J.J. Abrams Super 8 is a movie banking on the nostalgia of the Spielberg era of innocent American filmmaking. It seeks to appeal, I gather, not necessarily to kids and teens looking to cool off and get some thrills, but instead to their parents, who remember with fondness ET and The Goonies. What makes Super 8 more successful than other recent kidcentric adventure movies, though, is not its relationship to Spielberg’s action-comedies and science fiction dramas—unless that relationship is understood primarily in terms of historical setting. The movie’s 1979 setting is not an accident, nor is it pure homage. Instead, it’s the only way J.J. Abrams could possibly make a movie that doesn’t involve little kids interacting with computers, cellular phones, and the other assorted technical artifacts that keep kids from actually doing interesting things on screen. (more…)
by Adam Hirsch
Now, on this snowy New Year’s Eve, it’s a better time than ever to reflect back on the year and select our choices for the best cinematic efforts in 2009.
Myself, Peter Warren, Brian Barth, Giampaolo Bianconi, Jake Teresi and Matt Paley all wrote down our Top-10 lists (although Matt, in an uncharacteristically cynical move, declined to offer a full 10). There were ten films overlapping our choices, and, ranked by frequency, comprise the final top-10 list.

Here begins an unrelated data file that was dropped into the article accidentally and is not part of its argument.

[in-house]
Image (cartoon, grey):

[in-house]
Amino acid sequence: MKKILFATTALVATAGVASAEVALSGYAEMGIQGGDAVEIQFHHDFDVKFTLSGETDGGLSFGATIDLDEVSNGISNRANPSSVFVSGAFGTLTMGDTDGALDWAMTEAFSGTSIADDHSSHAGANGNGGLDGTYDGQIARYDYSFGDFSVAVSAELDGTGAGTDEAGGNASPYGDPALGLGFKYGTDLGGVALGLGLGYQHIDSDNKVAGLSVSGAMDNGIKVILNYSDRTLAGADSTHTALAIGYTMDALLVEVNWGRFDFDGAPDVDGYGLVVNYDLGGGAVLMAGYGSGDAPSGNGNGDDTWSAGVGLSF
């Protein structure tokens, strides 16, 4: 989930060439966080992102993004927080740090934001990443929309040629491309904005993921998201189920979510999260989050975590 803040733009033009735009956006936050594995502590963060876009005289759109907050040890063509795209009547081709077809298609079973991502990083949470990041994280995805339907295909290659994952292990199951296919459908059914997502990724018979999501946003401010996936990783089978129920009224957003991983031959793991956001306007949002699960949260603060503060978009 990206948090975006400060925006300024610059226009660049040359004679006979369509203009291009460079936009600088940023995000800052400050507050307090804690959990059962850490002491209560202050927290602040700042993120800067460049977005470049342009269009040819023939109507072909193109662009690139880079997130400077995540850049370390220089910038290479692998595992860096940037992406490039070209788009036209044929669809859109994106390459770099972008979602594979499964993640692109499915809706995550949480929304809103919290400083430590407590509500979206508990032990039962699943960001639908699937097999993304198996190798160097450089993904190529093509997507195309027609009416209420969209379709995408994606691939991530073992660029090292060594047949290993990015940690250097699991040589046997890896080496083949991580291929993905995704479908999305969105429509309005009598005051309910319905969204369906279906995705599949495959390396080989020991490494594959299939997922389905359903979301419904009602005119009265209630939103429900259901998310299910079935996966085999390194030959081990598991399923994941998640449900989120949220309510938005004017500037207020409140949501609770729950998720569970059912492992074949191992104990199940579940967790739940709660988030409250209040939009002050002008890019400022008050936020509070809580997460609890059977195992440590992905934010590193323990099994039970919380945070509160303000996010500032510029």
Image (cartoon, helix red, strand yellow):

Up (Dir. Pete Doctor) — 5 Votes
The Hurt Locker (Dir. Kathryn Bigelow) — 5 Votes
A Serious Man (Dirs. Joel and Ethan Coen) — 4 Votes
Fantastic Mr. Fox (Dir. Wes Anderson) — 3 Votes
Up In The Air (Dir. Jason Reitman) — 3 Votes
Inglorious Basterds (Dir. Quentin Tarantino) — 2 Votes
Lorna’s Silence (Dir. Jean-Pierre Dardenne) — 2 Votes
Where The Wild Things Are (Dir. Spike Jonze) — 2 Votes
The Road (Dir. John Hillcoat) — 2 Votes
Sugar (Dir. Anna Boden) — 2 Votes (more…)